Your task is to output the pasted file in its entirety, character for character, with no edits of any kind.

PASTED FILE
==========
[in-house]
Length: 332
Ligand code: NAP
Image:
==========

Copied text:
[in-house]
Length: 332
Ligand code: NAP
Image: